2. Tennessee has a Covid-19 recovery act containing the following salient provisions: 1) a clear and convincing evidence standard; 2) requirement of a verified complaint pleading with specific facts from which a finder of fact could reasonably conclude that the injury was caused by the defendant’s gross negligence or willful misconduct; 3) requirement of a certificate of good faith from plaintiff’s counsel saying that he or she has consulted with a Covid-19 knowledgeable physician duly licensed to practice in Tennessee or in a neighboring state and that the physician believes the Covid-19 was caused by the alleged act or omission of the defendant. Failure to meet the requirements laid out in this particular paragraph of the blog entry results in granting a motion to dismiss with prejudice.



Heck Reasoning


  1. The Tennessee law does not deprive federal courts of subject matter jurisdiction simply because some of the allegations relate to Covid-19.
  2. Plaintiff’s claims arise from the alleged discrimination and retaliation related to her asthma.
  3. While her request for accommodation related to her increased vulnerability to Covid-19, her claims do not arise from Covid-19 for purposes of the Tennessee law.
  4. The expansive reading of the Tennessee law advocated by the defendant would deprive federal courts of their ability to hear federal claims when there are state legislative procedural hurdles. Such a reading violates the most basic principles of federalism and leads to inconsistent application of federal law and inconsistent access to federal court based upon the forum state’s policy concerning state law claims.
  5. Plaintiff asserts a federal claim, and therefore the federal court plainly has jurisdiction.



Heck Takeaways


  1. A lot of states have coronavirus liability laws now. This case shows that such laws are not going to bar federal disability discrimination claims nor should they.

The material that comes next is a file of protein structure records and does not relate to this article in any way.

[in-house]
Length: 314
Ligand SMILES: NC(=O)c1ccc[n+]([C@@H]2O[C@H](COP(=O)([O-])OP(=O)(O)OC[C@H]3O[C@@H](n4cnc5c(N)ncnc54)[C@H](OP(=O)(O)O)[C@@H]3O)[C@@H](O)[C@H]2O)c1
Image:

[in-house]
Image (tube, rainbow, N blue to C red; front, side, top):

2. The decision denies a motion to dismiss. So, a trial is next. Of course, plaintiff will have to get by summary judgment.
  3. You are going to see a lot of claims dealing with failure to accommodate people who are an increased risk should they get Covid-19, especially in states with anti-mask and anti-vaccine mandates or policy preferences. The EEOC just filed such a claim in Georgia, here, and others are on the way no doubt. In those situations, objective medical science will be critical. Plaintiffs will want to have access to the medical science, which is publicly available, and access to coronavirus experts wouldn’t hurt either.
  4. Individual cases may go differently depending upon the location you are in. For example, if you are in a jurisdiction that is mandating vaccines and mandating mask wearing, the whole accommodation process can go quite a bit differently. In jurisdictions with anti-mask and anti-vaccine mandates/policy preferences, work from home is going to be something that will have to be seriously considered.
  5. Definitely read Chevron v. Echazabal, here, and School Board of Nassau County, Florida v. Arline, here. Both of those cases discussed direct threat and direct threat as discussed in those cases has been incorporated into ADA final regulations, here (title I), here (title II), and here (title III).